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What Is D&O Insurance and Who Needs It?

 

Directors and officers liability insurance protects the personal assets of corporate directors and officers and their spouses should they be sued by employees, vendors, competitors, investors, customers or other parties for actual or alleged wrongful acts in managing a company. As explained by the Hartford, this insurance "covers legal fees, settlements, and other costs. D&O insurance is the financial backing for a standard indemnification provision, which holds officers harmless for losses due to their role in the company."

Contrary to most people's perceptions, D&O insurance isn't just for public companies. Any business with a corporate board or advisory committee — including private and nonprofit firms — can face D&O risks of litigation.

Since the COVID-19 pandemic began, D&O claims have grown. Companies' inadequate health and safety precautions to prevent the pandemic's spread form one basis for the claims:

  • A wrongful death suit has alleged that Walmart failed to properly clean and disinfect the store, implement and promote social distancing, warn employees of the risks of COVID-19 or provide protective equipment to employees, which allegedly resulted in the death of an employee due to complications from the coronavirus that he contracted while working at Walmart.
  • A similar wrongful death action was filed against a cruise line company regarding the death of a passenger who allegedly contracted COVID-19 aboard the company's cruise ship.
  • Companies that failed to comply with the Worker Adjustment and Retraining Notification Act are finding themselves in hot water. The WARN Act imposes certain requirements on employers concerning closures and layoffs to "provide workers with sufficient time to prepare for the transition between jobs they currently hold and new jobs." Class actions have been filed against firms for violating the WARN Act by purportedly relying on the pandemic to justify terminating workers on improperly short notice.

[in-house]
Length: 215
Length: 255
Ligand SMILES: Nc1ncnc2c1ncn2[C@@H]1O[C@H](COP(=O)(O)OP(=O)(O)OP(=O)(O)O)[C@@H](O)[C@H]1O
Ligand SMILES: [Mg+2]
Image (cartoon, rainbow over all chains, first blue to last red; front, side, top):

• Claims also may result as employees begin returning to the workplace and claim that their employers haven't instituted adequate policies and procedures to ensure the workplace adequately protects employees' health and safety.

Sales of securities provide another basis for many D&O claims:

  • Shareholders have brought class actions against multiple companies alleging that they failed to inform shareholders of or even downplayed the significant impact of the pandemic on business — including lawsuits against two different cruise lines.
  • An animal supply company has been sued for its revenue downturn, purportedly based on changes in its distribution channel because of COVID-19.
  • A recent class action against a Canadian cannabis company alleges that the firm defaulted on its obligations under certain debentures by failing to make interest payments due to the impact of the coronavirus on the company.
  • Shareholders also have sued a company for falsely stating that it had developed a vaccine for the virus when news that such reports were false resulted in a steep decline in the company's stock price.

As the spread of the coronavirus impacts businesses' bottom lines, directors and officers will continue to have broad liability exposure to shareholders, stakeholders, employees and the government. There are various complex liability and coverage issues that may continue to develop during and perhaps long after the spread and containment of the pandemic. Be sure to work with a financial professional to make sure you're covered.

 

 
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